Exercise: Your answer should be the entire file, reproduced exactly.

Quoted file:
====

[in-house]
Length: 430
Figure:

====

[in-house]
Length: 430
Figure: